Payments Exchange


Making Micro Macro

By Cary Whaley

It’s no secret that serving small businesses are community banks’ special superpower. However, when many community banks think about small businesses, they think of the restaurant down the street or a local wholesaler or manufacturer. But there is another layer of smaller businesses—the very small businesses, also known as microbusinesses, that can become solid, profitable commercial payments customers for community banks.

It only makes sense for community banks to build relationships with these microbusinesses through their payments products, which can both identify and better serve these commercial customers. And, of course, today’s mom and pop businesses (which today are often started by recent college graduates) can be tomorrow’s local powerhouses.

A microbusiness can be a woman who sells handmade dog biscuits at the local farmer’s market, a guy who starts a lawn service, or even a Boy Scout troop or other small nonprofit organization. These businesses are often home-based and frequently operate as part-time endeavors, but they are real businesses generating significant incomes and, potentially, transactions.
Microbusinesses have a few things in common, however; their proprietors are usually pressed for time and resources, and recordkeeping is usually an afterthought and oftentimes a completely new challenge for them. Providing them the right payments services can be just what these businesses need to reach their full profit-making potential.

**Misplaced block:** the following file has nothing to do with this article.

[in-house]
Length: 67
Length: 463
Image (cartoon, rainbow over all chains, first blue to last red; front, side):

Disguised as consumers

Today, more microbusinesses are starting up than ever. According to a recent survey by Babson and Baruch colleges in 2013, “Americans expressed the most positive views yet about the environment for entrepreneurship around them since the survey started in 1999, and they are highly confident about their capabilities for starting a business.”

However, microbusinesses can be hard for any bank to spot, since often they use consumer banking products like checking accounts and credit cards to handle their transactions. It’s not that they are trying to hide, it’s just that these resource-strapped entrepreneurs are using what’s at hand, which often is their existing consumer banking tools. And consumer payments services, because they are easier to use and understand, can be a better alternative to traditional business banking services.

The first step in identifying very small businesses is to review your community bank’s overall portfolio of customer account transaction activity. Generally, deposit activity will be the first place to look. The dog biscuit vendor may have significant deposits every Monday. Deposit activity for the scout troop may spike annually around fundraising season. A lawn service will deposit a lot more checks than an average consumer, and may even receive some checks or electronic payments from a bill payments service like CheckFree, but regular deposits from Square Inc. or PayPal are a surefire tipoff.